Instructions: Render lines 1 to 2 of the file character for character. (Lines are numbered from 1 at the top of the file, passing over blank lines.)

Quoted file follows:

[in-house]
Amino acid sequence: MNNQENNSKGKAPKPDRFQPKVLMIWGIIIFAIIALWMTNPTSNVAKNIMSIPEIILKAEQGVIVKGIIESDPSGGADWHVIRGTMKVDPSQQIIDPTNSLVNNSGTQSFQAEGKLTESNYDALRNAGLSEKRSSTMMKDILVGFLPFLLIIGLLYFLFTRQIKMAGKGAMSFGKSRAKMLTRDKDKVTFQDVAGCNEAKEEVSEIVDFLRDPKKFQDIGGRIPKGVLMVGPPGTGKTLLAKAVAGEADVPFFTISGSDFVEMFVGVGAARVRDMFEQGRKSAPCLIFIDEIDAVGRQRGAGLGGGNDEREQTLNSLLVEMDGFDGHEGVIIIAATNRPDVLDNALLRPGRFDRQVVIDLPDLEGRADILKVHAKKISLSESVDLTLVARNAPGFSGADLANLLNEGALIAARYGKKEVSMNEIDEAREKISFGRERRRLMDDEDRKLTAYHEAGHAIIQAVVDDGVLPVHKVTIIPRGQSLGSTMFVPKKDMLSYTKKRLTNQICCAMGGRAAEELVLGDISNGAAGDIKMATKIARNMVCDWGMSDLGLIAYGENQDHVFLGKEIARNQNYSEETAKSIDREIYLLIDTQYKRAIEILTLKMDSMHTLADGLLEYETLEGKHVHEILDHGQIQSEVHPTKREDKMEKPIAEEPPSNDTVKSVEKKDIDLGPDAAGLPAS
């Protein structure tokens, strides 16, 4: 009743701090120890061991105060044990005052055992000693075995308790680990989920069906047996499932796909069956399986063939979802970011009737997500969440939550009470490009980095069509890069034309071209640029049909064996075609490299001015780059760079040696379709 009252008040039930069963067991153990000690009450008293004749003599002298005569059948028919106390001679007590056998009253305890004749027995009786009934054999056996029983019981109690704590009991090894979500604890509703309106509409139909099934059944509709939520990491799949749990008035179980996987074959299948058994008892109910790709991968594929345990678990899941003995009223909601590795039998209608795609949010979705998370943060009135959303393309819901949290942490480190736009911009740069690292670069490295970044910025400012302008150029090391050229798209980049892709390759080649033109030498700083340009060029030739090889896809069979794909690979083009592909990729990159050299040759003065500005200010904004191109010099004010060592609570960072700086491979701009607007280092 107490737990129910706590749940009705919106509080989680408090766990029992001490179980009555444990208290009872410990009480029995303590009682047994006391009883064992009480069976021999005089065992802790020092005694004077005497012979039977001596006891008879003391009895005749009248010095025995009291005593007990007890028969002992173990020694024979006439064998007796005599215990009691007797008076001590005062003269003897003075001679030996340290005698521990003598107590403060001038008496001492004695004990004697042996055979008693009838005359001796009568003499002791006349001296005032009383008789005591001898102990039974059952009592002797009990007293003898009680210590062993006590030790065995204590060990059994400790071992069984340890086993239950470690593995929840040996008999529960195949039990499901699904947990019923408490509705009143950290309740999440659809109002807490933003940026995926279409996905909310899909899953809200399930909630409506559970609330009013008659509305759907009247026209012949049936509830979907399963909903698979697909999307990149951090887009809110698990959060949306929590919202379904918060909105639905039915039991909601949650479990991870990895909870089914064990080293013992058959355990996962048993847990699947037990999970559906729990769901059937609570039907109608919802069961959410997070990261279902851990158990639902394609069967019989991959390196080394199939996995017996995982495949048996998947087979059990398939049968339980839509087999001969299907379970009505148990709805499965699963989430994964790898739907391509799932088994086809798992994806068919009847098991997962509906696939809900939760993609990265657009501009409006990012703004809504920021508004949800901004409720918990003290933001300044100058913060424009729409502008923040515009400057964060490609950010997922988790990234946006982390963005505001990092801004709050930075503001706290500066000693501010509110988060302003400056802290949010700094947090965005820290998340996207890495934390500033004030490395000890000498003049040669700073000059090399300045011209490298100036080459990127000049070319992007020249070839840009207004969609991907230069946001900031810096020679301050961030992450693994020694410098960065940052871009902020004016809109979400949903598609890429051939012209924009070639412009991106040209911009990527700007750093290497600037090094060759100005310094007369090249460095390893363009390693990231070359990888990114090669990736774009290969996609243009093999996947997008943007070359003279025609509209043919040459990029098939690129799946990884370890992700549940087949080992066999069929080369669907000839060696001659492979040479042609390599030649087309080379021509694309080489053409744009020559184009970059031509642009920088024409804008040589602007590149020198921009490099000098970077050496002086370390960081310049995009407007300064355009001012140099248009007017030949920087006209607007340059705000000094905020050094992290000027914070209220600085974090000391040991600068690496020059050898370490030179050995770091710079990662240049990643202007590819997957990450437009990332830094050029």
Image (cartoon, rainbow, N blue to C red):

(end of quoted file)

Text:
[in-house]
Amino acid sequence: MNNQENNSKGKAPKPDRFQPKVLMIWGIIIFAIIALWMTNPTSNVAKNIMSIPEIILKAEQGVIVKGIIESDPSGGADWHVIRGTMKVDPSQQIIDPTNSLVNNSGTQSFQAEGKLTESNYDALRNAGLSEKRSSTMMKDILVGFLPFLLIIGLLYFLFTRQIKMAGKGAMSFGKSRAKMLTRDKDKVTFQDVAGCNEAKEEVSEIVDFLRDPKKFQDIGGRIPKGVLMVGPPGTGKTLLAKAVAGEADVPFFTISGSDFVEMFVGVGAARVRDMFEQGRKSAPCLIFIDEIDAVGRQRGAGLGGGNDEREQTLNSLLVEMDGFDGHEGVIIIAATNRPDVLDNALLRPGRFDRQVVIDLPDLEGRADILKVHAKKISLSESVDLTLVARNAPGFSGADLANLLNEGALIAARYGKKEVSMNEIDEAREKISFGRERRRLMDDEDRKLTAYHEAGHAIIQAVVDDGVLPVHKVTIIPRGQSLGSTMFVPKKDMLSYTKKRLTNQICCAMGGRAAEELVLGDISNGAAGDIKMATKIARNMVCDWGMSDLGLIAYGENQDHVFLGKEIARNQNYSEETAKSIDREIYLLIDTQYKRAIEILTLKMDSMHTLADGLLEYETLEGKHVHEILDHGQIQSEVHPTKREDKMEKPIAEEPPSNDTVKSVEKKDIDLGPDAAGLPAS